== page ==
Monday, May 10, 2010

To all you mothers, in every sense of the word

Even when it's Mother's Day, the ableists are out. They are folks who, among other things, are bound and determined to treat people with disabilities badly because they think they can.

I felt sorry for my mother when we ran into a waitress who acted as if I wasn't capable of ordering my own meal yesterday. I watched as her eyes filled with tears when I was insulted in front of her.

I pushed back. That's what advocates do, even on Mother's Day. Maybe particularly on Mother's Day. I believe I did it for all the mothers out there, in every sense of the word.

After a few exchanges, it became clear that not only was I capable of ordering my own meal, I was capable of a lot more. There was push back, of course, and I pointed out that some thought I was an uppity cripple when I refused to allow myself to be insulted. Mouths dropped open, people almost swooned at my open use of the word. You see, folks like this think it and act on it and don't know how to react when you just put it out there.

The way I see it is if I want to use the word, that's a lot different than someone using it as a taunt.

Cripple is fine as a word
When used crip to crip
But not as a taunt
Or a slam
Then cripple just ripples
Hate and disdain
Of me – as I am.

Copyright 2009 A Different Light

And people don't have to call you a name to treat you badly. Actions speak louder than words.

When I was done, my mother smiled at me.

So did the guy whose wife pushed him into the restaurant and parked him at a table caddy corner to ours. He was a middle aged man and he looked frightened, although the restaurant was practically empty. I spotted him as a newbie, someone who recently acquired a disability.

His head was down at first. He stared at the table, not wanting to be there. I heard his wife say "You need to get out." Turns out she's a nurse. He kept staring at that table, boring holes into it.

After the little incident with the waitress, the guy at the adjacent table was no longer staring at the table. He was smiling at me, his head held high.

I noticed that when the waitress went to take the order over at his table, she didn't treat the guy in the wheelchair as if he was stupid.

That's the great thing about pushing back. Maybe we don't change what people think, but we can start by calling them out when they act inappropriately. It isn't often when I do this that I see the ripple effect where the next guy in the wheelchair is treated a bit better or encounters less of a hassle. But this time it worked, at least for one more customer.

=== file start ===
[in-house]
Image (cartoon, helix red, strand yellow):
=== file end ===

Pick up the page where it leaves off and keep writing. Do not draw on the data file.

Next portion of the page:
So Happy Mother's day to everyone, to those who advocate for us and with us and encourage us to advocate for ourselves. And to all those mothers who think advocates are uppity cripples, well Happy Mother's Day to you too.

Just don't expect any of us to take your ableist crap, even on Mother's Day.


Disabled NYC said...

I am pleased to report that I had the opposite experience at a restaurant this Mother's Day.

I'd had a bad experience at this restaurant about 10 years ago, also on Mother's Day. I'd called ahead to see if it was wheelchair accessible, was told yes, then arrived to find six steps to get in. "It's ok, we'll carry you in!" promised a manager. "Oh no, you won't!" I answered, and explained just how heavy and delicate motorized wheelchairs are. They managed to rearrange things and get a plank so I could enter through the kitchen (upon which I loudly announced that at least the kitchen was clean). Then, even after that very public negotiation, the waitress asked my mother what I'd like to eat. "Please tell the waitress I'd like the duck with Jack Daniels sauce..."

This Mother's Day, however, went much more smoothly. The restaurant had a newly-built wheelchair ramp, and I noticed I wasn't the only customer with mobility impairments; indeed, there was a good turn out. (I guess the restaurant figured out that elderly ladies with walkers make up a significant part of the population being honored on Mother's Day?) The waitress needed no prompting to talk directly to me, and even propped up the open dessert menu for me after noticing that was how I handled reading the dinner menu. Much better.

Of course, it's entirely possible someone in my party called ahead to warn them about me. But I like to think conditions are slowly improving, one restaurant at a time. It's only through going to restaurants and educating the staff that progress will be made.

Terri said...

This makes me so angry--and I am so glad for your advocacy (and energized by it, feel like I need to go bust down some barriers!)

Yay you taking care of the mothers--in every sense of the word!

FridaWrites said...

I'm glad you spoke up. And good for you for speaking up. I certainly wouldn't have wanted to watch my own daughter sit there and take it.

Greg (Accessible Hunter) said...

you rock Ruth !